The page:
RA: We all came into the season wanting to win the ACC championship and the national championship. We all expect to be the No. 1 team. But as of right now, it doesn’t really change anything. At the end of the day, it’s the playoffs that matter. You can win every single day in the regular season and then lose in the playoffs and you’re out. So right now we just need to continue the way we’ve been playing and set ourselves up well for both tournaments.

Q. Robin, your team only allowed one goal in the first nine games. That’s the fewest in the 76-year history of the program. What makes your defense so effective?

RA: It’s not just the defense. I would say it’s more the defensive effort of the whole team.

After the preseason, we started working more on our transitional defending and just putting more emphasis on not getting scored on. But Colin [Shutler] is a great goalie for us and our defensive [unit] is very good as well, with Andreas Ueland a great addition to the team. You can feel his presence on the field. That’s definitely helping us. We hope we can keep it up.  

Q. Meghan, the team is averaging nearly four goals a game this season and ranks within the top five in most offensive categories. What makes your offense so dangerous?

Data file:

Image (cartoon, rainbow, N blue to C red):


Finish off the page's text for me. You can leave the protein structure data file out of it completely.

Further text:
MM: I think what’s special about our offense is that we’re all very athletic, rely a lot on our speed and we’re interchangeable with our positions. Pretty much anybody who goes in on the forward line can play anywhere. I think that’s pretty hard to defend.

We have all sorts of different weapons, even coming off the bench. I don’t think we have one superstar offensively, so that’s almost impossible to defend.

Q. Robin, having grown up and gone to high school in Germany, what was your acclimation to life at UVA like?

RA: It was really difficult – not to just the UVA environment, but the U.S. I had a couple months here that were extremely hard. I talked to my mom probably every single day.

There were many cultural differences that I had to get used to. It took me some time. But being a part of this team and being surrounded by guys who wanted to help me every single day made it a lot easier for me. Over time, I got used to it.

And now I love it here. This is my second home. I have found so many great friends here. It was definitely the best decision of my life to come to UVA.

Q. Robin, you’ve been an ACC Academic Honor Roll member in each of your first three years at UVA. Meghan, you were an ACC Women’s Soccer All-Academic Team member last season. What have been the secrets to your academic success? Any tips for student-athletes just getting to UVA?